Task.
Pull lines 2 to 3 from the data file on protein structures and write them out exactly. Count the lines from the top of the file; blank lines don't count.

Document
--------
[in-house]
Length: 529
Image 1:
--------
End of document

Length: 529
Image 1: